Are they available as fabrics by the metre as well as cushions?
Yes. The fabric is printed on medium-weight cotton-linen blend, so it can potentially be used for soft furnishings as well as cushions.
You’ve been working at Bolt of Cloth over summer. Has dealing directly with customers influenced your decision-making process as a designer?
Definitely! It has been a really amazing and inspiring experience, helping people choose really beautiful textiles for their homes. I have definitely been listening to what customers want in terms of colour and practicality, and I hope my designs can offer people this. It has been really interesting in terms of designing for both current, future, and classic trends, and has really built my knowledge and influenced my need to be diverse as a designer.
What is next for Maddie Morton?
I have one more year of my degree to go so this year I will mostly be focusing on that. I hope to continue designing in New Zealand after I finish university, and would love to look into creating and promoting sustainable textiles in New Zealand, which are both visually pleasing and ethically sourced.
Maddie’s cushion collection can be bought in store or at Bolt of Cloth – where you can also find details on how to enter this year’s competition.Imagery courtesy of Homestyle Magazine
Photography by Andrew Hewson
ENTER TO WIN YOUR FAVOURITE CUSHION AND A YEARS SUBSCRIPTION TO HOMESTYLE MAGAZINE
PLUS A CUSHION + INNER FOR A FRIEND!
COMPETITION NOW CLOSED
CONGRATULATIONS KATE NISBET!
– Simply click through to explore Maddie’s new collection at Bolt Of Cloth here and in the comments below tell us which cushion you would like to win and a second choice to give to your bestie.
– For a second entry locate the competition post on the Studio Home FB and share your selection in the comments below it, tagging in your lucky friend who will win their choice too!
(you can follow Bolt of Cloth and Homestyle magazine here too )
– Open to NZ and Australian readers
– Winner will be drawn at random and will receive the cushion cover + inner of choice, a 1 year Homestyle magazine subscription and a second cushion + inner to give to a friend.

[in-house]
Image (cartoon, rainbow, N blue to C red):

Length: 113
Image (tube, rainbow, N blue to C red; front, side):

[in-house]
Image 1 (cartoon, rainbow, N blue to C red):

– Competition drawn on Thursday 26th March.
This is a tough one for a Tuesday but I have spent some serious time up to my eyeballs in the BEST kiwi hideaways, glamp-sites and dreamlike getaway locations! Canopy Camping Escapes is a website that lists a very carefully curated selection of spectacular spots scattered around the country. Some are remote bush “flashed up” campsites, sheds perched on hills, tree huts, little converted wagons AND even a fantasy like “underhill” hobbit home!
I already have a few on my list – but I would definitely recommend exploring their collection for a special weekend away OR your next visit to Aotearoa!
I find this space SUPER inspiring – not only in the way it looks and how it has been so thoughtfully designed by its users…but because it kind of encapsulates all my own hopes and dreams of a communal, functional HQ (pipe dreams…)!!
Adelaide designer; Anny Duff couldn’t believe her luck when this light bright space in the CBD came up for lease. She had desperately been looking for somewhere she could show not only her sustainable hemp brand; B.Goods Label – but a place she could curate other product and like minded brands along side it.
“… It was pretty run-down but it still had a lot going for it (like those amazing bathroom tiles!) My partner (who is an Architect) and I took one look and said ‘we can absolutely make this work’. It was such a labor of love to get it to where it is now but so much more meaningful that we did most of the work ourselves. We built all the furniture to be mobile and adapt to a multitude of uses, for different set ups and events so we’re super excited to see what 2015 will bring for the space. ”
I am equally as excited for them!
You can learn more about the current B.Goods Label collection here.
All imagery courtesy of B.Goods Label
Catalogue photographer: Sia Duff
Studio images: Adrian Reveruzzi and Anny Duff
This felt like a beautiful, fresh post for you to enjoy over what I hope is a VERY relaxing holiday period!
Interior Architect Mairead Murphy of Maike Design Studio recently teamed up with exciting furniture brand, Tide Design to help them transform a derelict old factory building (adjacent to their workshop) in Melbourne into this DREAM retail space!
Aside from the truly covetable furniture by Tide – the overall vibe and detail of this space has a lot that can be drawn on in terms of inspiration for your own home!
Mairead had this to say about the collaborative project:
” Working with a long narrow space, a number of angled stages were set to create a meandering path through the space, shifting visual focus from side to side across the width of the showroom to specially grouped furniture ‘sets’ rather than straight to the back of the space. ”
Imagery courtesy of Maike Design Studio and Tide Design
Styling by Ruth Welsby